The kids are all right (but the adults need improvement)
“How can kids be so cruel?”
That’s one of the most popular questions in society today. Bullying has become more than kids not sharing toys. We now know that bullying has become so severe from elementary all the way into colleges that some kids are actually taking their own lives to avoid more shame, embarrassment, ridicule and pain.
The fault does not lie with “kids these days,” as many adults like to complain. The problem is with adults.
If you have not seen the video yet, you must search online for La Cross, Wis., WKBT-TV reporter Jennifer Livingston’s on-air response to a rude and pointless email from a one-time viewer.
Now, reporters in all media markets are accustomed to angry and/or hurtful commentary; it comes with the territory. But as Livingston read through her WKBT email the other day, she found an email from a viewer who took issue with her weight. According to the email, the viewer said Livingston should not consider herself a good example in the community because, as a prominent figure in the community featured on a daily news program, she was someone relaying the message to girls that it was okay to be obese.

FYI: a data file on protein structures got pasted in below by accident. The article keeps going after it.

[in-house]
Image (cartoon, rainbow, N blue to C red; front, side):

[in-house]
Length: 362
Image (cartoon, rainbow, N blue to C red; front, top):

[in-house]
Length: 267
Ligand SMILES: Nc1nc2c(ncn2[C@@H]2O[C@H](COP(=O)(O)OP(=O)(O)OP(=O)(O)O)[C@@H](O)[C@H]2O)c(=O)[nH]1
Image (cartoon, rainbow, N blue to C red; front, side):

Livingston, though she never revealed the writer’s identity, went on-air with the email, reading it to viewers. She acknowledged that, yes, she is an overweight person, but said, “You don’t know me. You are not a friend of mine. You are not a part of my family, and you have admitted that you don’t watch this show. So you know nothing about me, but what you see on the outside. And I am much more than a number on a scale.”
Kids are not born knowing how to hurt other’s feelings. They watch their parents and relatives, how those adults speak to others both publicly and behind closed doors. They hear their teachers gossiping about other teachers or students while passing them in the hallway or getting a drink of water near the teacher’s lounge. They see the headlines of magazines and news programs that focus on a celebrity gaining weight as the most important story. They hear the women near them in the pews at church critiquing the outfits of those walking into Sunday service.
The problem is not the kids these days; the problem is the adults who are setting poor – and hypocritical – examples for the kids these days.
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